Cuba: Transvestites and Crossdressers Key Workers Against AIDS

(IPS) – Activism against AIDS is uniting a group of transvestites and crossdressers in western Cuba in a project that is going beyond peer education and making inroads into the world of culture.

"The time has come to take us seriously. We are in a position to demand our place in society, to contribute to AIDS prevention through our art, and to be respected for our abilities and knowledge," a Cuban transvestite, whose artistic name is that of Mexican actress and singer Ninel Conde, told IPS.

"I never felt so sure of myself as I do now. When I used to dress in male clothes, I would always hang my head. Since I put on a pair of high heels, I have felt proud of being who I am. I began to be happy with myself, and I walk down the street with my head high," she said.

A volunteer worker at the state Provincial Centre for Prevention of Sexually Transmitted Diseases and HIV/AIDS at Pinar del Río, 162 kilometres from Havana, Ninel Conde won one of the prizes at Transarte, a cultural festival that concluded with a performance at the city’s main theatre.

Fourteen crossdressers and transvestites took part in the Mar. 10 gala, along with some of the best-known singers in Pinar del Río, with a panel of judges made up of personalities from the world of culture.

At the event, tribute was paid to three of the first men in this town in western Cuba who dared to dress as women in public.

The message of AIDS prevention, with strong emphasis on the impact of HIV, the AIDS virus, on the community of men who have sex with men, reached the nearly 500 people who filled the Teatro Milanés, an emblem of national culture, built in 1837.

"We have shared the message with all the wide variety in the world of men who have sex with other men. This kind of artistic performance, which tries to educate people about the ethics of responsible sexuality, and also elevate aesthetic levels, is both important and timely," said poet Nelson Simón, from Pinar del Río.

Simón, considered one of the greatest national figures of homoerotic poetry, said that "the gay world continues to lack places to socialise," even though Cuba is a country "mature enough to learn to live with all kinds of different options."

The issue becomes particularly important in the context of the national campaign against AIDS. By late 2007, the number of HIV-positive people diagnosed in the country amounted to 9,039, of whom 81 percent were male.

Out of these men, 86.1 percent said they had sex with other men, according to Public Health Ministry sources.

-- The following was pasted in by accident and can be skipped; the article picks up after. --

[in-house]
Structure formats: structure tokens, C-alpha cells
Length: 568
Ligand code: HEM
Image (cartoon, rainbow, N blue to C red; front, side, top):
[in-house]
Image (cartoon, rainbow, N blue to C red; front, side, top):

The situation is unique in the province of Pinar del Río, where only 68.7 percent of HIV-positive men say they have sex with other men. Nationwide statistics show that 14.3 percent of HIV-positive men define themselves as heterosexual, compared to 31.3 percent in this Cuban province.

Given this situation, "we’ll have to start to talk more about masculinity and take actions aimed not only at men who have sex with other men but at the heterosexual population, too," Geidy Díaz, an expert at the provincial AIDS prevention centre, told IPS.

Since the first Transarte festival last year, 18 crossdressers and transvestites from Pinar del Río have graduated from training workshops as health promoters. This year’s Transarte courses included hairdressing, modelling, corporal expression, development of social skills and civic education.

According to Díaz, the community of men who have sex with men in Pinar del Río is motivated toward AIDS prevention by its close association to the transvestite world. "They (transvestites) are ideal teachers in peer education for this group. They join in most of the community activities we carry out, and have a representative on the expert advisory council," she said.

As part of the project, the provincial centre has helped to find courses and jobs for transvestites who, in many cases, leave the educational system and labour market because of social rejection. Lack of education and the impossibility of working dressed as women leads them to prostitution, and quite often, AIDS.

The local initiative is part of an integrated strategy for addressing the needs of transvestites, transsexual and transgender people, promoted nationwide since late 2005 by the National Centre for Sex Education (CENESEX) with the involvement of a wide range of other state bodies.

Another group of transsexuals and transvestites, working with CENESEX on AIDS prevention tasks in several provinces, played an unprecedented role in this country in January, when they acted as recording secretaries and gave presentations and testimonies at the Fourth Cuban Congress of Sex Education, Orientation and Therapy.

"It was a high point for me. I felt as though the stage had become smaller than when I danced at the filming of the Cuban film ‘La Bella de la Alhambra’ (Enrique Pineda, 1989). But I was the one who had grown larger," a crossdresser from Pinar del Río with the stage name Siarah Morel told IPS.

A dancer and a graduate in artistic direction, Morel received tribute at the first Transarte festival, and has been a local legend ever since she first appeared, at age 18, dressed as a woman on top of a carnival float representing the fishing industry, in 1976. "I never thought I would appear in the city theatre as I really am," Morel said.

Simón, the poet, said that holding Transarte in a cultural institution like the Teatro Milanés "brings into the centre of the city what for a long time has been relegated to the margins."

A space for participation is being opened up "in a country which must become, and is increasingly becoming, an inclusive rather than an exclusive society," he told IPS.